Between Kraftwerk’s austere approach, where a song either makes the record or is deleted, and Underworld’s 5CD reissues for a single album, there lies a vast swathe of artists with scattered bits of material in the vaults, some of which is more beloved by them than the music for public consumption.
With Preacher’s Sigh & Potion: Lost Album Matthew Dear has decided to release a collection of tunes from 12-13 years ago, focusing on rootsy grooves and simple yet charming song ideas.
Muscle Beach starts as the record means to go on, a twangy guitar loop accompanying Dear’s gravelly tones in military cadence. The synths work their way in nicely, opening with stabs every couple of beats and gradually taking over the track with melodic quavers.
Crash And Burn features a similar dichotomy, with its distorted rocky beat overcome by ominous pads, while Hikers Y eschews organic instrumentation all together in favour of a minimalistic bass riff and repetitive vocals (“I’m through with all the conversation / ‘cause I was never good at conversation / I’m through with all the conversation / so don’t expect any more good conversation”).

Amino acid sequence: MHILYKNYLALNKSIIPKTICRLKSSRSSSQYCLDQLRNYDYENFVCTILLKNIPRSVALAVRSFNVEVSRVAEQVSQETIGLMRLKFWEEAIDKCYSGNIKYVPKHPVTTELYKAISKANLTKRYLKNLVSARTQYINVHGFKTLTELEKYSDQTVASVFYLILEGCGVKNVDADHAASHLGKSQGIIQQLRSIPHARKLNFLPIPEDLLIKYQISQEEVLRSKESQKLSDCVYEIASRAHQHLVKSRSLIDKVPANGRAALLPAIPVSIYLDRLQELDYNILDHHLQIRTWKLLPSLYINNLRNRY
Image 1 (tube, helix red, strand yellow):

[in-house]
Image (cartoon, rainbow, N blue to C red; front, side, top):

Supper Times is one of the record’s more exciting ideas, a mixolydian synth ostinato stuck in perpetual motion as a ticking drum machine loop propels the track ever forward. The songs don’t tend to develop musically, they’re more intent on creating a pleasant atmosphere with some sonic tricks thrown in (and the low-stakes gambit of the ‘lost album’ batting away any awkward questions). The exception to this rule is something of a failed experiment, All Her Fits’ fun, rocky arrangement in its first half giving way to limp piano chords and synth strings in the second half.
Preacher’s Sigh & Potion finds Dear mostly content with spinning his wheels, but luckily his unique style and vocal delivery make it an enjoyable spinning.